Typically, this hospital support to supplement hospitalist billing income is not directly tied to the income generated by facility billing or to the hospitalist’s contribution to its completeness. But between growing technological sophistication and greater belt-tightening, that link may get closer over time.
Because of the importance of complete and accurate billing to the hospital’s financial well-being, specialized supportive services have evolved, from traditional utilization review or utilization management to CDI services and the role of physician advisors – experienced doctors who know well how these processes work and are able to teach providers about regulatory compliance and medical necessity.
“One of my jobs as the medical director for our hospital’s CDI program is to educate residents, fellows, and newly onboarded providers to be descriptive enough in their charting to capture the complexity of the patient’s condition,” Arafiles said. Physician advisors and CDI programs can involve clinical providers in bringing value to the institution through their documentation. They serve as the intermediaries between the coders and the clinicians.
The CDI specialist’s job description focuses on diagnosis capture and associated reimbursement. But integrity broadly defined goes to the integrity of the medical record and its contribution to quality and patient safety as well as providing a medical record that is defensible to audits, physician revenue cycle expert Glenn Krauss noted in a recent post at ICD10 Monitor.3
Vora sees his role as physician advisor to be the link between the hospital’s executive team and the hospital’s medical providers. “Providers need help in understanding a complex set of ever-changing rules of facility billing and the frequently competing priorities between facility and professional billing. I tell my providers: The longer the patient stays in the hospital, you may be generating more RVUs, but our facility may be losing money.”
Hospital administrators are acutely aware of facility billing, but they don’t necessarily understand the nuances of professional billing, said Jay Weatherly, MS, the cofounder of Hospitalist Billing, a company that specializes in comprehensive billing and collection solutions for hospitalist groups that are employed directly by their hospitals. But he sees an essential symbiotic relationship between hospital administrators and clinicians.
“We rely on hospitalists’ record keeping to do our job. We rely on them to get it right,” he said. “We want to encourage doctors to cooperate with the process. Billing should never be a physician’s top priority, but it is important, nonetheless.”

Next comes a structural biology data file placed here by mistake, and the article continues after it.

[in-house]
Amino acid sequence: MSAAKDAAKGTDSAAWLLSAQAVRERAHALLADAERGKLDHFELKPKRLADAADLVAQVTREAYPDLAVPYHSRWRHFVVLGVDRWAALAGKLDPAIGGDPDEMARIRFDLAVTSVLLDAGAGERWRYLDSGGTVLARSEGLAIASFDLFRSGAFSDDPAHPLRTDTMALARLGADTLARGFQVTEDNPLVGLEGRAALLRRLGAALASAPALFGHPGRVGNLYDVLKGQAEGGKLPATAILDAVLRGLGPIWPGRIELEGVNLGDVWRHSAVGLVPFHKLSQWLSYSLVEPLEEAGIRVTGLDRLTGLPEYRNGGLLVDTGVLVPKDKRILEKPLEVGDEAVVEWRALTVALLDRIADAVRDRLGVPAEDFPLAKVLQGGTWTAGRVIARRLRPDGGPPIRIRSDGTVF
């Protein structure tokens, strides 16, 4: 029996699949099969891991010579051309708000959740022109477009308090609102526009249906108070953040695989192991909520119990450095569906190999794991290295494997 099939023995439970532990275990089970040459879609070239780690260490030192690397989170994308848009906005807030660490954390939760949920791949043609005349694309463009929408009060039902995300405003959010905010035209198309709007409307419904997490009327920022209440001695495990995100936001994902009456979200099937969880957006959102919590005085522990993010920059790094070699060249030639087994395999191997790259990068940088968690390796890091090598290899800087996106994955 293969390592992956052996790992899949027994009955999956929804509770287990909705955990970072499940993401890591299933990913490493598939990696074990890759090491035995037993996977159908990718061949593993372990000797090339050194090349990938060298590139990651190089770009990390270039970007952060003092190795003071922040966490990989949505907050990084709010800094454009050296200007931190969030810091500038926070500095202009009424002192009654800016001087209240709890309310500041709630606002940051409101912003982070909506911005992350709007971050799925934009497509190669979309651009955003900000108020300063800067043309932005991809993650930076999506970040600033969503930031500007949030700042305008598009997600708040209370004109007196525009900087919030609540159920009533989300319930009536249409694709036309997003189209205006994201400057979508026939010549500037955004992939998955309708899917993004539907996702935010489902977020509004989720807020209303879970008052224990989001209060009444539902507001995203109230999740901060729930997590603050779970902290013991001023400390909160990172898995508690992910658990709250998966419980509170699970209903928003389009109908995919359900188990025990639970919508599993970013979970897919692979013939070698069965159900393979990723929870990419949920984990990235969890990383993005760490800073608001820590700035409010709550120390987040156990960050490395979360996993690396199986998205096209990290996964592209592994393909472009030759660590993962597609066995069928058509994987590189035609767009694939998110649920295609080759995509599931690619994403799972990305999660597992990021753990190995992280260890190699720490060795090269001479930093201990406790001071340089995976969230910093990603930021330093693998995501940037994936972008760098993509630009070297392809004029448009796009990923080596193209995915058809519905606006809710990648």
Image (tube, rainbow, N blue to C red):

HBI is relentless in pursuit of the information needed for its coding and billing, but does so gently, in a way not to put off doctors, Mr. Weatherly said. “There is an art and a science associated with securing the needed information. We have great respect for the doctors we work with, yet we’re all spokes in a bigger wheel, and we need to bill effectively in order to keep the wheel moving.”
What Can Hospitalists Do?
Sources for this article say one of the best places for hospitalists to start improving their understanding of these distinctions is to ask the coders in their institution for advice on how to make the process run more smoothly.
“If you have a CDI team, they are there to help. Reach out to them,” Arafiles said. Generally, medical schools and residency programs fail to convey the complexities of contemporary hospital economics to future doctors.
Hospitalists have become indispensable, Vora said. But salaries for hospitalists are going up while hospital reimbursement is going down, and hospitalists are not seeing more patients. “At some point we will no longer be able to say financial support for hospital medicine groups is just a cost of doing business for the hospital. COVID tested us – and demonstrated how much hospital executives value us as part of the team. Our organization absolutely stood behind its physicians despite financially challenging times. Now we need to do what we can to support the organization,” he added.
Hospitalists can also continue to educate themselves on good documentation and coding practices, by finding programs like SHM’s Utilization Management and Clinical Documentation for Hospitalists.
“As we see a significant shift to value-based payment, with its focus on value, efficiency, quality – the best care at the lowest possible price – hospital medicine as a specialty will be best positioned to help with that. If the hospital does well, we do well. We should be building relationships with the hospital’s leadership team,” Vora said. “You always want to contribute to that partnership to the highest level possible. When they look at us, they should see their most reliable partner.”
1. Locke C, Hu E. Medicare’s two-midnight rule: What hospitalists must know. The Hospitalist. 2019 Feb 22.
2. Beresford L. Hospital medicine in a worldwide pandemic: State of Hospital Medicine 2020. The Hospitalist. 2020 Sep 20.
3. Krauss G. Clinical documentation integrity: rebranding and repurposing. ICD10 Monitor. March 16, 2020 Mar 16. https://www.icd10monitor.com/clinical-documentation-integrity-rebranding-and-repurposing.
This article originally appeared on The Hospitalist, an official publication of the Society of Hospital Medicine.